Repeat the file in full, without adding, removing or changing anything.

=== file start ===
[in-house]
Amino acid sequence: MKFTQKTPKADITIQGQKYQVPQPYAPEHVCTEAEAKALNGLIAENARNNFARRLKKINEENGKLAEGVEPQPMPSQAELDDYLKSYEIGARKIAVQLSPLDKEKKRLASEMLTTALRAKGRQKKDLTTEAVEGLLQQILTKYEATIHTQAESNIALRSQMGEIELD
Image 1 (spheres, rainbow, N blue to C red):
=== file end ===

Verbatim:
[in-house]
Amino acid sequence: MKFTQKTPKADITIQGQKYQVPQPYAPEHVCTEAEAKALNGLIAENARNNFARRLKKINEENGKLAEGVEPQPMPSQAELDDYLKSYEIGARKIAVQLSPLDKEKKRLASEMLTTALRAKGRQKKDLTTEAVEGLLQQILTKYEATIHTQAESNIALRSQMGEIELD
Image 1 (spheres, rainbow, N blue to C red):